For some people who come into the program feeling so overwhelmed by their emotions, TIP skills will be a vital area of practice.
TIP is an acronym that stands for:
T-Temperature change: While many people in dbt use ice (I’ll talk about this later) to get their emotional distress down, others find it more effective to take a warm/hot bath or shower. *DO NOT USE THE ICE TECHNIQUE IF YOU HAVE A HEART CONDITION OR HAVE HAD A HEART ATTACK*.
I-Intense exercise: Running around the block, doing jumping jacks, turning on a song and dancing around for a little while…all of these things can use up some of the energy that is fueling our distress.
Progressive Relaxation: There are many ways of doing progressive relaxation, but in a nutshell, you are going through your body and mindfully relaxing one area at a time. If your distress is very high, you may want to squeeze all the muscles in each area very tightly for a few seconds…and then release. Don’t forget your face! Scrunch it up tightly, and release. Some people don’t feel comfortable or capable of doing the relaxation exercises when they are very keyed up. Some are even `triggered’ by the relaxation response (me!), because it is new and scary. BUT, if I’m not super keyed up to begin with, the progressive relaxation actually works well for me. And it may for you too. Don’t give up on it if it doesn’t work once…try it a few times. You can find guided progressive relaxation video’s on youtube. I’ll check some out tonight and get back to you with some good ones.
Please remember that you don’t need to use all the skills. Some will seems more natural and/or effective for you, and those will likely be your `go-to’ skills. If you really like the `ice’ technique, it’s perfectly fine to use that one.
If you don’t know what the `ice’ technique is, I’ll give you a little overview. If you really want to go for it (and this is not a particularly pleasant thought or experience for most people…until they find that it works;) ), fill a sink with cold water and add some ice. If you don’t have ice, be creative. Add a pack of cold peas…or something ice-y that will lower the temperature of the water even more. If you don’t have a sink, fill a big mixing bowl. Okay, so, you’ve got some frickin’ cold water in a sink, right? Now, you’re going to hold your breath and dunk your face and head in for as long as you can hold your breath. Then come up, exhale, inhale and dunk again. Repeat as many times as you need to until you feel quite a bit calmer. The most I’ve dunked my head is 4 times in one session. It wasn’t a pleasant experience. My face and eyes hurt like hell….but I really was a lot calmer. Now Ice is my go-to TIP skill. (Fortunately, the longer you practice other dbt skills, the less you’ll need to use the TIP skills…but they’re always good to remember)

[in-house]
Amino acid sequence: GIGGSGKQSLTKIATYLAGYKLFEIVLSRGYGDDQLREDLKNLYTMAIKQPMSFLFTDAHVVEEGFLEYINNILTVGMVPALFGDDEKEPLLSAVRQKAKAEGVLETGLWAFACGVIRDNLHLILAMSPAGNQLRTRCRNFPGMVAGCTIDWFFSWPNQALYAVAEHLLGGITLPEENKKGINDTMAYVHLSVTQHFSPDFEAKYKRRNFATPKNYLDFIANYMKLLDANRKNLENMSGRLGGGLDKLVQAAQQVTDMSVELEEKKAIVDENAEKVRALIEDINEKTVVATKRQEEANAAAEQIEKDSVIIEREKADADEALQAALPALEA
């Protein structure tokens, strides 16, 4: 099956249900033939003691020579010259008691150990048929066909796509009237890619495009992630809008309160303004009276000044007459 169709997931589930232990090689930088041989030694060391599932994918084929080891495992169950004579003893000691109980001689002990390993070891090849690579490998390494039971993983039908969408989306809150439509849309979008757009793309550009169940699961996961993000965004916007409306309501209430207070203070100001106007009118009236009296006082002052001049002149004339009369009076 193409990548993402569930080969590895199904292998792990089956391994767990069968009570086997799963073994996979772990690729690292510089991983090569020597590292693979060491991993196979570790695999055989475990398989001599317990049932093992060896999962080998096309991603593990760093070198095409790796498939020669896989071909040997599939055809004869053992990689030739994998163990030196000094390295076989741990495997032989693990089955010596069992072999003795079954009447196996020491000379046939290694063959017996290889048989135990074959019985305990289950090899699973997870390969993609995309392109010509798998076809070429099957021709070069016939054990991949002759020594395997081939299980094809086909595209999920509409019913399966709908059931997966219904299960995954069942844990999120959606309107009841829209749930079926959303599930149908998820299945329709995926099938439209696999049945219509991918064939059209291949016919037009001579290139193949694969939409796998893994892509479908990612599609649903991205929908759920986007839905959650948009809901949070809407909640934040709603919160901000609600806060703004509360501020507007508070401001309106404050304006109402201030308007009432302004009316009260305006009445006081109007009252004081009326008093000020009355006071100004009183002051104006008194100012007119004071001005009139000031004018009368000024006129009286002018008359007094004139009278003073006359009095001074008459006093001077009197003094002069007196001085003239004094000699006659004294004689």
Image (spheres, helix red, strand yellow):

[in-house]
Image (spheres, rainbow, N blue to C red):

The ice-dunk simulates the `dive reflex’, which is what would happen if you actually were in freezing cold water and your body needed to conserve its energy to try to survive. In such a situation, your body would essentially start to slow or shut down functions that weren’t absolutely vital for survival. Our anxiety/emotions are not vital, so they get calmed waaaay down. Honestly, as horrible as this skill might be to practice at first, it became the favored skill of most participants in the two active groups I was involved in.
Some people could not, for various reasons, dunk their entire heads in water. They would vigorously rub lots and lots of ice over their face and heads for 15-30 seconds. Others would put ice packs on their heads. Marsha talks about taking bites out of frozen lemons and oranges. I’m not sure how that would correlate scientifically with the dive reflex, but if it works, who cares???
I also know of a dbt therapist who use the `ice water’ technique to calm down before going to sleep.
I guess this gives new meaning to the phrase ‘chill out’!
Ha! On that cheeeezy note, I’ll go and scour youtube for some relaxation cd’s. Again, Jon Kabat-Zinn has a couple of great progressive relaxation cd’s. One is about 20 minutes, the other 45 minutes long. They’re both great, and if you have an MBSR (see last post) teacher near you, call him/her up and see how you might be able to get a copy.